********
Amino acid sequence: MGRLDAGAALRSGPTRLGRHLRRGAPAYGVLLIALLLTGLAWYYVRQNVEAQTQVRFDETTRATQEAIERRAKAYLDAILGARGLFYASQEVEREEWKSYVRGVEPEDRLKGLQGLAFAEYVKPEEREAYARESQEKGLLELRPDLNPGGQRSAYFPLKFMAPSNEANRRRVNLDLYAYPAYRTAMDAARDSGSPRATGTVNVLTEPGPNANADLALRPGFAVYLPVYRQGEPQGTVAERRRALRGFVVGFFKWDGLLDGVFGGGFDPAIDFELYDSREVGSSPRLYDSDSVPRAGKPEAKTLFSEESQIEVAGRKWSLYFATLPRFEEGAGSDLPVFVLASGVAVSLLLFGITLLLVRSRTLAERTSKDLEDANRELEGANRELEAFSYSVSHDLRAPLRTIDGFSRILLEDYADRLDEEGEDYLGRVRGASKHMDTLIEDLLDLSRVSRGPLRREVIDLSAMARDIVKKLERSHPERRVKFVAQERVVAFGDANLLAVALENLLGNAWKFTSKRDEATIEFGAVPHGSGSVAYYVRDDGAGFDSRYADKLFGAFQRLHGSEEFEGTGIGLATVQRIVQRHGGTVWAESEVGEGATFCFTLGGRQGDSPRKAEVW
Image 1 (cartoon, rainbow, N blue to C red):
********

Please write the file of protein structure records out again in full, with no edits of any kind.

Amino acid sequence: MGRLDAGAALRSGPTRLGRHLRRGAPAYGVLLIALLLTGLAWYYVRQNVEAQTQVRFDETTRATQEAIERRAKAYLDAILGARGLFYASQEVEREEWKSYVRGVEPEDRLKGLQGLAFAEYVKPEEREAYARESQEKGLLELRPDLNPGGQRSAYFPLKFMAPSNEANRRRVNLDLYAYPAYRTAMDAARDSGSPRATGTVNVLTEPGPNANADLALRPGFAVYLPVYRQGEPQGTVAERRRALRGFVVGFFKWDGLLDGVFGGGFDPAIDFELYDSREVGSSPRLYDSDSVPRAGKPEAKTLFSEESQIEVAGRKWSLYFATLPRFEEGAGSDLPVFVLASGVAVSLLLFGITLLLVRSRTLAERTSKDLEDANRELEGANRELEAFSYSVSHDLRAPLRTIDGFSRILLEDYADRLDEEGEDYLGRVRGASKHMDTLIEDLLDLSRVSRGPLRREVIDLSAMARDIVKKLERSHPERRVKFVAQERVVAFGDANLLAVALENLLGNAWKFTSKRDEATIEFGAVPHGSGSVAYYVRDDGAGFDSRYADKLFGAFQRLHGSEEFEGTGIGLATVQRIVQRHGGTVWAESEVGEGATFCFTLGGRQGDSPRKAEVW
Image 1 (cartoon, rainbow, N blue to C red):